Dedicated to the balanced discussion of global warming
National Post – November 28, 2006
Dr. Edward Wegman: “I am baffled by the claim that the incorrect method doesn’t matter because the answer is correct anyway. Method Wrong + Answer Correct = Bad Science.” With bad science, only true believers can assert that they nevertheless obtained the right answer.
I have repeatedly called for better math and computational methodologies to understand our current climate change predicament. My statement comes from the belief that if we don’t understand where we are and how we got here, how in the world can we make appropriate changes that can bring meaningful changes?
This article really beats up the statistical techniques done in much of the atmospheric modeling that has been done to date. While the critic cited in this article does not say that Earth is not getting warmer and doesn’t pretend to lay causality claim, he does end the article with a simple statement that I quoted above.
Here are a few more quotes that I thought were interesting.
“Our committee believes that the assessments that the decade of the 1990s was the hottest decade in a millennium and that 1998 was the hottest year in a millennium cannot be supported,” Wegman stated, adding that “The paucity of data in the more remote past makes the hottest-in-a-millennium claims essentially unverifiable.” When Wegman corrected Mann’s statistical mistakes, the hockey stick disappeared.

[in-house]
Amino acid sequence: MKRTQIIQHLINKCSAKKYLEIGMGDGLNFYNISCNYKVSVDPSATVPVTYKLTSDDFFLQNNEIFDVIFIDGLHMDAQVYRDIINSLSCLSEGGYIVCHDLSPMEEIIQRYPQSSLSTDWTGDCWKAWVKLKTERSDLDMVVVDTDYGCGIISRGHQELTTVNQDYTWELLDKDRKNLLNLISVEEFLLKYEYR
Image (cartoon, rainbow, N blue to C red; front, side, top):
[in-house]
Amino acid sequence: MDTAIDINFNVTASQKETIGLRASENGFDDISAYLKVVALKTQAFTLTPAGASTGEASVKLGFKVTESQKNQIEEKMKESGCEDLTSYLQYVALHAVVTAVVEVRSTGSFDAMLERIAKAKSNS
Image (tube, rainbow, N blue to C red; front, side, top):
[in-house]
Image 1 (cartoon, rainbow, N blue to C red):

…Mann made a basic error that “may be easily overlooked by someone not trained in statistical methodology. We note that there is no evidence that Dr. Mann or any of the other authors in paleoclimate studies have had significant interactions with mainstream statisticians.” Instead, this small group of climate scientists were working on their own, largely in isolation, and without the academic scrutiny needed to ferret out false assumptions.
…Wegman believes that much of the climate science that has been done should be taken with a grain of salt — although the studies may have been peer reviewed, the reviewers were often unqualified in statistics. Past studies, he believes, should be reassessed by competent statisticians and in future, the climate science world should do better at incorporating statistical know-how.
I believe it is amazing for a committee [of the American Meteorological Society] whose focus is on statistics and probability that of the nine members only two are also members of the American Statistical Association, the premier statistical association in the United States, and one of those is a recent PhD with an assistant-professor appointment in a medical school.
You can read the rest of the article here. There are also several links to other article on the subject that were written as part of a series and it is probably worth your time to look at those as well.
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